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What do $request.GetResponse() do? RRS feed

  • Question

  • Referring to following codes,

    Case 1 : with following coding, I get error "The remote server returned an error: (4050 Method Not Allowed."

    Case 2 : when I remove following codes, file can be downloaded, and I would like to know on what following codes do, would it be necessary for download process?

    $response = $request.GetResponse()
    $response.Close()

    Does anyone have any suggestions?
    Thanks in advance for any suggestions

    $clnt = new-object System.Net.WebClient
    [Net.ServicePointManager]::SecurityProtocol = 'Tls12'
    $url = "https://rbwm-api.hsbc.com.hk/digital-pws-tools-mpf-eapi-prod-proxy/v1/mpf/unit-prices/download/HSBCTRUSTPLUS?fund=APF&startDate=" + (Get-Content 'D:\Documents\TS\txt\MPFSY.txt') + "&endDate=" + (Get-Content 'D:\Documents\TS\txt\MPFEY.txt') + "&locale=zh_HK"    
    $file = "D:\Folder\ABC.xls"
    $request = [System.Net.WebRequest]::Create($url) $request.Method = 'HEAD' #$response = $request.GetResponse() $httpStatus = $response.StatusCode $urlIsValid = ($httpStatus -eq 'OK') $tryError = $null #$response.Close() $clnt.DownloadFile($url,$file) # leave the loop if successfull



    Thanks in advance for any suggestions





    Thursday, July 25, 2019 2:28 AM

Answers

  • To download a file use "DownloadFile()".  GetResponse is for returning web pages.

    Be sure your url is constructed correctly.  Be sure your files contain only one line. If they don't then you will get a bad URL.

    $wc = new-object System.Net.WebClient
    [Net.ServicePointManager]::SecurityProtocol = 'Tls12'
    $startDate = Get-Content D:\Documents\TS\txt\MPFSY.txt -Raw
    $endDate = Get-Content D:\Documents\TS\txt\MPFEY.txt -Raw
    $url = 'https://rbwm-api.hsbc.com.hk/digital-pws-tools-mpf-eapi-prod-proxy/v1/mpf/unit-prices/download/HSBCTRUSTPLUS?fund=APF&startDate=$startDate&endDate=$endDate+&locale=zh_HK'
    $file = 'D:\Folder\ABC.xls'
    $wc.DownloadFile($url, $file)
    


    \_(ツ)_/

    • Marked as answer by oemMicrosoft Thursday, July 25, 2019 3:36 AM
    Thursday, July 25, 2019 3:12 AM

All replies

  • To download a file use "DownloadFile()".  GetResponse is for returning web pages.

    Be sure your url is constructed correctly.  Be sure your files contain only one line. If they don't then you will get a bad URL.

    $wc = new-object System.Net.WebClient
    [Net.ServicePointManager]::SecurityProtocol = 'Tls12'
    $startDate = Get-Content D:\Documents\TS\txt\MPFSY.txt -Raw
    $endDate = Get-Content D:\Documents\TS\txt\MPFEY.txt -Raw
    $url = 'https://rbwm-api.hsbc.com.hk/digital-pws-tools-mpf-eapi-prod-proxy/v1/mpf/unit-prices/download/HSBCTRUSTPLUS?fund=APF&startDate=$startDate&endDate=$endDate+&locale=zh_HK'
    $file = 'D:\Folder\ABC.xls'
    $wc.DownloadFile($url, $file)
    


    \_(ツ)_/

    • Marked as answer by oemMicrosoft Thursday, July 25, 2019 3:36 AM
    Thursday, July 25, 2019 3:12 AM
  • Thank you very much for suggestions (^v^)

    Thanks in advance for any suggestions

    Thursday, July 25, 2019 3:37 AM
  • have you looked at Invoke-WebRequest and Invoke-RestMethod?

    I use Invoke-WebRequest all the time on my windows servers so i don't have to deal with the IE Enhanced Security frustration.  

    For example:  Invoke-WebRequest - URI "https://some.remote.server/some/path/tofile.ext" -OutFile c:\temp\tofile.ext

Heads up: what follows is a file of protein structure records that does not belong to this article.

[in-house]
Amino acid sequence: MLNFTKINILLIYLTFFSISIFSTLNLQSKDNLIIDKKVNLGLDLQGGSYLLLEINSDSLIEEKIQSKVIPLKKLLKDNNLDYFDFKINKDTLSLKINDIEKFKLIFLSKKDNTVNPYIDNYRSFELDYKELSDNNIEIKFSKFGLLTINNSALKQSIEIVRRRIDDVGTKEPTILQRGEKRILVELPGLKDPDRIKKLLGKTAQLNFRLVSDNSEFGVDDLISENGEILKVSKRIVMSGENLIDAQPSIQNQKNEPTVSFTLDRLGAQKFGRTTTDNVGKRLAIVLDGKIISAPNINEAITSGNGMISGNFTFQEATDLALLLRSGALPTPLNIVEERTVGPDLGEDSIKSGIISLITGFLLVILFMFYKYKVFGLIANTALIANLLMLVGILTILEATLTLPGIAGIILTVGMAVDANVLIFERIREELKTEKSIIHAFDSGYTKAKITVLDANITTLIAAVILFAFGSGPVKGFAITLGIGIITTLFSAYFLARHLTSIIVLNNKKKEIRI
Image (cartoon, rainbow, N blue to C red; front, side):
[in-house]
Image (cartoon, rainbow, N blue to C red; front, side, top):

You even get a progress bar in PowerShell with this (when the remote file size is accessible).


    -Eriq VanBibber, CTO, Priasoft Inc.

    Thursday, July 25, 2019 8:01 PM
  • have you looked at Invoke-WebRequest and Invoke-RestMethod?

    I use Invoke-WebRequest all the time on my windows servers so i don't have to deal with the IE Enhanced Security frustration.  

    For example:  Invoke-WebRequest - URI "https://some.remote.server/some/path/tofile.ext" -OutFile c:\temp\tofile.ext

    You even get a progress bar in PowerShell with this (when the remote file size is accessible).


    -Eriq VanBibber, CTO, Priasoft Inc.

    The WebClient is the same as Invoke-WebRequest. Both call the same underlying APIs. The OP is not using IE. IE does not need to be installed for either to work. Both are restricted by the same security boundary as IE and all browsers that run on Windows. All network requests are secured the same way.

    IE and Edge both add parsing restrictions but this does not affect the Net web classes.  Neither web call allows scripting so most restrictions are no required as they are in a browser.

    WebClient.DownloadFile() is more convenient and can be faster.


    \_(ツ)_/

    Thursday, July 25, 2019 8:07 PM
  • Good clarifications.

    I wasn't trying to imply that IE was required...but i can see how that could be misconstrued.

    And true, i knew about the underlying .NET classes...but when others read this post, and if this wasn't mentioned, it could cause other to think the .NET classes are the only way.



    -Eriq VanBibber, CTO, Priasoft Inc.

    Thursday, July 25, 2019 8:10 PM
  • Yes. The CmdLet simplifies access to [System.Net.WebRequest] but the WebClient "DownloadFile()" does not have to convert the stream to a file. It just streams the file from the site. It also displays a progress bar if you set one up. This class is more reliable for large files as it runs async, if needed, and can also handle disruptions. It is a good generalization of file and block operations for both uploading and downloading file.

    It is idiotic to try and download files with IE as you will always get a challenge.  Most modern web sites will not allow page scraping to get files.


    \_(ツ)_/

    Thursday, July 25, 2019 8:20 PM